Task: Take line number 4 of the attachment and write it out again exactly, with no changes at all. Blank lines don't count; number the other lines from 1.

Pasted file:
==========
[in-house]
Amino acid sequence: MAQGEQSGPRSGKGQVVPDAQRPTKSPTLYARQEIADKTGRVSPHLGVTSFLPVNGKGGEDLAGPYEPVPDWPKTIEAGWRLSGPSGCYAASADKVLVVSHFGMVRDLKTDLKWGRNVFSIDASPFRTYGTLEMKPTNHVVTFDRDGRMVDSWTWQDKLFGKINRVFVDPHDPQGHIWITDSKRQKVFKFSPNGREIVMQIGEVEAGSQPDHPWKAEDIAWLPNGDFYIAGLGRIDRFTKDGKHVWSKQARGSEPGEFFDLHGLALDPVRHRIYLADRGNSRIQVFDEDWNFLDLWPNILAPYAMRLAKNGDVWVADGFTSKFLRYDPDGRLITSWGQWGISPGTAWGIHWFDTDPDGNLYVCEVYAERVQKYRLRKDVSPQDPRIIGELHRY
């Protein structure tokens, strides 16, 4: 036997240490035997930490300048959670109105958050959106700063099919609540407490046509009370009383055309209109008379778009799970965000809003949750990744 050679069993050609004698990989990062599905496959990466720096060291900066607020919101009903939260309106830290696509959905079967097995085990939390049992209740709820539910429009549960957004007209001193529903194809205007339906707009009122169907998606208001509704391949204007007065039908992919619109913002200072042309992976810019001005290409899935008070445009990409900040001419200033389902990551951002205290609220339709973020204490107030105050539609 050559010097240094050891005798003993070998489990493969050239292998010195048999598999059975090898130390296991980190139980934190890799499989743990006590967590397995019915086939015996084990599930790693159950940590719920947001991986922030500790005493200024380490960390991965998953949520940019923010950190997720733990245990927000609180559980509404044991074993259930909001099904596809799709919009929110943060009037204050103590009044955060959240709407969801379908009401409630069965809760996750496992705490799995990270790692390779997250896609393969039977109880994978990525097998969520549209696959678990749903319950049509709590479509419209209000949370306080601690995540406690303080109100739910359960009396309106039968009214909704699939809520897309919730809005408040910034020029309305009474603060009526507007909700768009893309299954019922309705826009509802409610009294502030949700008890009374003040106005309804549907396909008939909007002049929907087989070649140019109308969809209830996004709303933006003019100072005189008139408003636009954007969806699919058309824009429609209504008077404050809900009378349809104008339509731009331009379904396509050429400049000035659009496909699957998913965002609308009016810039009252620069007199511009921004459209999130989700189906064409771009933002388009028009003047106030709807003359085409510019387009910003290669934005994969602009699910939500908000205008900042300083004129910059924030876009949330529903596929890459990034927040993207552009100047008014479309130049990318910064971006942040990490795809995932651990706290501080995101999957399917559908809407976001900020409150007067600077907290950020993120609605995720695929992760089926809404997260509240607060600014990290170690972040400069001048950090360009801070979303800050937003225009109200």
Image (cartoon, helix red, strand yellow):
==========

Image (cartoon, helix red, strand yellow):